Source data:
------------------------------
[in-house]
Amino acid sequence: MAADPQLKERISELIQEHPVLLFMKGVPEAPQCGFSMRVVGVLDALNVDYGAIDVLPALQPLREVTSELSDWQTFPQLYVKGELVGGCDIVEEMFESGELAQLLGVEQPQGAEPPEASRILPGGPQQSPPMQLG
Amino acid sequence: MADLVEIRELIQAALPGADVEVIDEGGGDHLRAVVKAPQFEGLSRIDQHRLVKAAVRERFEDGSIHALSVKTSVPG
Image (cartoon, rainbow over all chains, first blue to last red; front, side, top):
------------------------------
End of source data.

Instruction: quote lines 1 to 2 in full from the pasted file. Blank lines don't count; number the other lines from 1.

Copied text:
[in-house]
Amino acid sequence: MAADPQLKERISELIQEHPVLLFMKGVPEAPQCGFSMRVVGVLDALNVDYGAIDVLPALQPLREVTSELSDWQTFPQLYVKGELVGGCDIVEEMFESGELAQLLGVEQPQGAEPPEASRILPGGPQQSPPMQLG